Elias Holt (Lynching of)

Elias Holt was murdered in Mississippi County by a gang of disguised men on January 25, 1872, after an accused horse thief implicated him as a conspirator in the crime.

Elias Holt, a Kentucky native, was listed in the 1870 census as a twenty-nine-year-old farmer living with his wife, Martha, age nineteen, in Mississippi County’s Big Lake Township. In early 1872, a young man named Jones was arrested and charged with horse theft. During his initial questioning, Jones claimed that Holt had recruited him to steal the horse (with plans to steal another himself), meet him in Jacksonport (Jackson County), and then ride to Texas to get rid of the stolen animals.

Jones’s statement, which the Osceola Times decried as being “by a mere lad, who in all probability, thought he might mitigate his offense,” resulted in a “band of disguised men” ordering Holt to leave the county. Holt, “with conscious innocence, or an abiding faith in the proper execution of the law,” refused. Soon after, the newspaper reported, “he was found dead in the road, having been literally shot to pieces, no less than four heavy charges of buckshot having taken effect on his body.” The Times stated that “there were upwards of [a] hundred men engaged in this nefarious work.”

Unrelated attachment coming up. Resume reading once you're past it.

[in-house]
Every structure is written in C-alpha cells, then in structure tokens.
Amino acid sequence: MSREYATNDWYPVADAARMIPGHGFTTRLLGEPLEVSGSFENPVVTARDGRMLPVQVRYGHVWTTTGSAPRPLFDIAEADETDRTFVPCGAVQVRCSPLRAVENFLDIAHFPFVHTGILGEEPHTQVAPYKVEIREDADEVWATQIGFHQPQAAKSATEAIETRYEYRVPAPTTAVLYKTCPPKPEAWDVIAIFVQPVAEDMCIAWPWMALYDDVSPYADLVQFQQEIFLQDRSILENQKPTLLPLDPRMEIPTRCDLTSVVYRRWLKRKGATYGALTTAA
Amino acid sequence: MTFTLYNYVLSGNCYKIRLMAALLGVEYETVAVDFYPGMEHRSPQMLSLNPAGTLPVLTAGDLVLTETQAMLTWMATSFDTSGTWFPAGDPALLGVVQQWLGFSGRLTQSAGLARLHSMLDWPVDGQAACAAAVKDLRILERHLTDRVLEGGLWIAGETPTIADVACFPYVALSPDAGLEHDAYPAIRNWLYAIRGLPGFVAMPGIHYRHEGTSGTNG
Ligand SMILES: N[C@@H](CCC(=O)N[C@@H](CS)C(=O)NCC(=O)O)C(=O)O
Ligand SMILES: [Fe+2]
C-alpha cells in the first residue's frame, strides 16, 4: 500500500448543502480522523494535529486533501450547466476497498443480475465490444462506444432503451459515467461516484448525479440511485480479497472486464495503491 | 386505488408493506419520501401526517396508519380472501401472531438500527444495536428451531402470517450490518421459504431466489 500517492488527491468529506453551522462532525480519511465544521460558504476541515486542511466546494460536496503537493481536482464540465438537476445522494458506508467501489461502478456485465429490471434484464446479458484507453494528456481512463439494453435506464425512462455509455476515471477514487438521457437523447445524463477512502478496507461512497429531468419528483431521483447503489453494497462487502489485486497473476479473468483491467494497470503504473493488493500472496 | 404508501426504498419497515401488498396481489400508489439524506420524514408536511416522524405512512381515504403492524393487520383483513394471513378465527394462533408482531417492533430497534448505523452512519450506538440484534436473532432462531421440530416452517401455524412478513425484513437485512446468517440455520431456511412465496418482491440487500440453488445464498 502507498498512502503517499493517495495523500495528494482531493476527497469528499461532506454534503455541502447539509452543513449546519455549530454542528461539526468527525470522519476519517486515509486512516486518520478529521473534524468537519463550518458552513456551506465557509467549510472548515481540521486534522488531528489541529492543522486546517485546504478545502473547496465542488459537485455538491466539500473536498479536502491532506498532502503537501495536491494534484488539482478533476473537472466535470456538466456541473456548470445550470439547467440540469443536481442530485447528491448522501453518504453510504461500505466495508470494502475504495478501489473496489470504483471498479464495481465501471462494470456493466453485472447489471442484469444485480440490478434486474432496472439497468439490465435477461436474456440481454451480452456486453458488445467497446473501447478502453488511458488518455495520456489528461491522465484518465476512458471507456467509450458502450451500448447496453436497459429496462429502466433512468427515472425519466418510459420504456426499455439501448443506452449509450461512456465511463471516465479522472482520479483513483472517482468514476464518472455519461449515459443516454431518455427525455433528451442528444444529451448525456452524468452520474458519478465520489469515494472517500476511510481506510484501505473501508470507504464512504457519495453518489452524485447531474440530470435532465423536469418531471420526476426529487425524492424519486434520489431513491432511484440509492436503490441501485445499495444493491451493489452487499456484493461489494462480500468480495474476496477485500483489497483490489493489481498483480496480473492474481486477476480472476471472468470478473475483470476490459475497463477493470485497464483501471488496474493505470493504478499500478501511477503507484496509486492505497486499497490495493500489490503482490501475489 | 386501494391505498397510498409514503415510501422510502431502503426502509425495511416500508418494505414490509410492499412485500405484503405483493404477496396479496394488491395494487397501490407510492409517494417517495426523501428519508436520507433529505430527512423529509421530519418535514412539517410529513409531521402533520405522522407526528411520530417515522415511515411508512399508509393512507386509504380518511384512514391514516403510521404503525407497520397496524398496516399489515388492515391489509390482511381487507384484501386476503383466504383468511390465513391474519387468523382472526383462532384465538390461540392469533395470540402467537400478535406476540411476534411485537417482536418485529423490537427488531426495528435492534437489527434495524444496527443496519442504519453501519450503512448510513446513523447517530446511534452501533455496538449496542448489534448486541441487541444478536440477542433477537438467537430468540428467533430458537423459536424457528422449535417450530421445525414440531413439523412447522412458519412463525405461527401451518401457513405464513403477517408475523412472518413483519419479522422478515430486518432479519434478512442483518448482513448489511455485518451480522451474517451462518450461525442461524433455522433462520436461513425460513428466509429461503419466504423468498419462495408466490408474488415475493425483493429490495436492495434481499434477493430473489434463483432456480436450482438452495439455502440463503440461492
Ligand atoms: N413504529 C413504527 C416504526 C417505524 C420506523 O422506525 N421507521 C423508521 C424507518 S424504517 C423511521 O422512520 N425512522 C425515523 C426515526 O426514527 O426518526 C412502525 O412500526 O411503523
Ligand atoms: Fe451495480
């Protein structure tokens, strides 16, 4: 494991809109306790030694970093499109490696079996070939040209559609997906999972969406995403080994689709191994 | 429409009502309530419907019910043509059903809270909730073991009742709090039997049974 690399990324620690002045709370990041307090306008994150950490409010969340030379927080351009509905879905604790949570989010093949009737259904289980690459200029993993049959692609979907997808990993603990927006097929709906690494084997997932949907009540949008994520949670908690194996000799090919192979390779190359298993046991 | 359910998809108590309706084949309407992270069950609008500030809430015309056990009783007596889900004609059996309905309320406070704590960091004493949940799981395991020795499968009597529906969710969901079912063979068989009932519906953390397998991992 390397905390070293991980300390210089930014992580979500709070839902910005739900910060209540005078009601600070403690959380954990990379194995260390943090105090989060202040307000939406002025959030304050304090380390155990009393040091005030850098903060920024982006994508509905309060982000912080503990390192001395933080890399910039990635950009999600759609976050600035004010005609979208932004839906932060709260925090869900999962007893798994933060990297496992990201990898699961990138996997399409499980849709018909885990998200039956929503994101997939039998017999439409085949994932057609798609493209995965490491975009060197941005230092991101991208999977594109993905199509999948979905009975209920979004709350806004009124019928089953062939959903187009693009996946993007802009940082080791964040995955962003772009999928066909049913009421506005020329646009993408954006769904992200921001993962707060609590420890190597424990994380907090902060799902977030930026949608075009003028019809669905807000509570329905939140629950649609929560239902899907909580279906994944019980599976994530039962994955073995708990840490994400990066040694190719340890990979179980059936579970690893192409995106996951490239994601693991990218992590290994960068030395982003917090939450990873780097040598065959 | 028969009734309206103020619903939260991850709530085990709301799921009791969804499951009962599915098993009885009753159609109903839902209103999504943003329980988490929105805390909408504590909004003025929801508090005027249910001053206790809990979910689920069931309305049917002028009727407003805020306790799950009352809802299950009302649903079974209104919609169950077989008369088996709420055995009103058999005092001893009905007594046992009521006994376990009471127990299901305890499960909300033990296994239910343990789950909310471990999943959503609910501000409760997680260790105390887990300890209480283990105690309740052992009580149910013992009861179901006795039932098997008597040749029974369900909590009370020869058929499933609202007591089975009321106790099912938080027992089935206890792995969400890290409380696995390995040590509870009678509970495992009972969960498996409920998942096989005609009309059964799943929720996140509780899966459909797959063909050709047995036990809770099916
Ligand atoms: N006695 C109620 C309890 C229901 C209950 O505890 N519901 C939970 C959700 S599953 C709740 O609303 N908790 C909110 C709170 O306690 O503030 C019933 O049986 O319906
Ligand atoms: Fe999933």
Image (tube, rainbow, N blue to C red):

Unlike many such cases, arrests were made in the Elias Holt slaying. Four men named Wortham, Smith, Hess, and Buchanan were “arrested…and held in the Helena jail, on charges of complicity in the murder of Elias Holt.” However, the Arkansas Gazette reported on May 31, 1872, that the four had escaped from the jail “and at last accounts were still at large.”

There were no further newspaper reports on the escapees or on the Holt case, so it is possible that no one was ever punished for the murder of Elias Holt.

For additional information:
“State News.” Arkansas Gazette, February 4, 1872, p. 1.

“State News.” Arkansas Gazette, May 31, 1872, p. 1.

Mark K. Christ
Central Arkansas Library System


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